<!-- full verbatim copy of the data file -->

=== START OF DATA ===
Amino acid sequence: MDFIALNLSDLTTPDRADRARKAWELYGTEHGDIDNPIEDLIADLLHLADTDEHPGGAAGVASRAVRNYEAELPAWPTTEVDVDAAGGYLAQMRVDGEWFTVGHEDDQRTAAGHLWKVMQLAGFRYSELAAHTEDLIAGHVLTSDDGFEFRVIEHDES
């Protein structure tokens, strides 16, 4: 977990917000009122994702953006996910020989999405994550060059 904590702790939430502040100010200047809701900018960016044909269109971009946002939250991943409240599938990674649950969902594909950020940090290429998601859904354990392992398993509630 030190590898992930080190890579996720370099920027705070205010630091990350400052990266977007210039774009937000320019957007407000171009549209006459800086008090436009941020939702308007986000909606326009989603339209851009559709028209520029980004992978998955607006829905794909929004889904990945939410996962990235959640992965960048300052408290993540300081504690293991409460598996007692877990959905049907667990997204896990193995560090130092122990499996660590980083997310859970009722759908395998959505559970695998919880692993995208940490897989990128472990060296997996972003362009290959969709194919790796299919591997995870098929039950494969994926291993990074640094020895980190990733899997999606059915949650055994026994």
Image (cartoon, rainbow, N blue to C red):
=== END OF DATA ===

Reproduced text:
Amino acid sequence: MDFIALNLSDLTTPDRADRARKAWELYGTEHGDIDNPIEDLIADLLHLADTDEHPGGAAGVASRAVRNYEAELPAWPTTEVDVDAAGGYLAQMRVDGEWFTVGHEDDQRTAAGHLWKVMQLAGFRYSELAAHTEDLIAGHVLTSDDGFEFRVIEHDES
């Protein structure tokens, strides 16, 4: 977990917000009122994702953006996910020989999405994550060059 904590702790939430502040100010200047809701900018960016044909269109971009946002939250991943409240599938990674649950969902594909950020940090290429998601859904354990392992398993509630 030190590898992930080190890579996720370099920027705070205010630091990350400052990266977007210039774009937000320019957007407000171009549209006459800086008090436009941020939702308007986000909606326009989603339209851009559709028209520029980004992978998955607006829905794909929004889904990945939410996962990235959640992965960048300052408290993540300081504690293991409460598996007692877990959905049907667990997204896990193995560090130092122990499996660590980083997310859970009722759908395998959505559970695998919880692993995208940490897989990128472990060296997996972003362009290959969709194919790796299919591997995870098929039950494969994926291993990074640094020895980190990733899997999606059915949650055994026994």
Image (cartoon, rainbow, N blue to C red):